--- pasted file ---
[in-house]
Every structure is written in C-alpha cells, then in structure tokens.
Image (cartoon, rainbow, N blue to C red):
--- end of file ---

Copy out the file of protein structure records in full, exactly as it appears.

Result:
[in-house]
Every structure is written in C-alpha cells, then in structure tokens.
Image (cartoon, rainbow, N blue to C red):